On my psychiatrist
Nary a green juice or vanity podcast for this man
Dr. Y**** is the first psychiatrist I've trusted. One quality that makes him trustworthy is that he clearly loathes talking to patients. I would loathe it too, given how annoying and/or drug-seeking most psychiatry patients are. His translucency in this regard is novel.
A second is that he offers a sliding scale. This became important to me during the year 2014, when I visited my first New York City psychiatrist. That particular man drank a green juice during intake and told me I was "very glamorous!" and asked me to come on his podcast to discuss mental health—my own, specifically—before prescribing the wrong medication and sending a bill for $750.
A surprising number of psychiatrists in New York City have a section on their website called Appearances or Media. I am suspicious of medical providers who prioritize Appearing in the Media.
A third advantage of Dr. Y**** is that he has memorized every drug study ever published. You can, and indeed I have, named two random drugs and Dr. Y**** will robotically recite every observed interaction in descending order from “contraindicated” to “serious” to “significant” to “minor.” It is thrilling.
He is a whiz at food-drug interactions, too. Did you know that fava beans can cause an adverse hypertensive reaction up to and including death when absorbed with MAOIs? Now you do.
(I prolonged one session with so many questions about grapefruit juice that Dr. Y**** cut me off with a terse statement that he would send a PDF of major food-drug interactions via email. It arrived two days later, 41 pages of 9-point type. I reference it often and to no purpose, since I take exactly 1 pill that happens to cooperate harmoniously with all foods.)
The relationship goes like this. Four times a year we videochat for ten minutes. His office resembles a detention camp. Based on the image quality I believe he uses a webcam. The webcam is positioned so as to cruelly highlight the doctor's bald spot—a decision, or lack of decision, that sends my affection for him soaring to almost painful heights. Nary a green juice or vanity podcast for this man!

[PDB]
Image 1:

At no point does eye contact occur. He could be blind or have spinning pinwheels in place of eyeballs; if so I will never find out.
The doctor begins by asking if anything has changed. Absurdly (but accurately for his purposes) I say "No."
Then he moves through the standard questionnaire. Do you have excessive energy, have you experienced hallucinations, has your libido increased, has your libido decreased, have you recently experienced thoughts of harming yourself...
My favorite question is "Do you have racing thoughts?" because it is bafflingly poetic. If “racing” refers to velocity, then what is the appropriate pace of a thought? Or, even better, does the word indicate that two or more separate thoughts are battling each other in a competition and only one shall prove triumphant?
Either way, no.
At the end of each session, having verified my sanity, he asks if I have any questions. I know from the internet that Dr. Y**** previously served as chief psychiatrist at M***** hospital, and thrice now I've used this remaining minute to ask if he has any interesting stories from his time at M***** that he could share. (I’m careful to use the word "interesting" rather than "crazy"— to be respectful.)
"That's not something I can discuss," he says.
Perhaps the reason I keep asking is because my brain adds a phantom "...at this time" or "with a patient" to the end of the sentence. Most professionals would soften the blow of "No" by adding a little phrase such as that, or by sighing or smiling or otherwise acknowledging the unstanchable geyser of curiosity that flows from a healthy human mind.
My opinion is, if you learn someone has served as chief psychiatrist at M***** hospital, you'd have to be a real sicko not to try digging for stories. After the initial failure I mentioned this opinion to him— partly to be funny and partly to exonerate myself.
"Okay," he said.
A decent proportion of any psychiatry practice necessarily consists of patients like me. The ones who answer “no” to all the alarming questions and present nothing of clinical significance and require only a licensed finger to greenlight a 3-month refill of a generic substance sold over-the-counter in many nations worldwide.
The purpose of our quarterly videochat, I realized, was for Dr. Y**** to confirm the unfluctuating quality of my boring little signal. For purposes of noise-reduction he had fashioned himself immune to jokes, hostile to charm, exempt from small talk. Or perhaps no fashioning had been required; perhaps he’d emerged from the womb experiencing personality as obstruction. I know he is the one for me.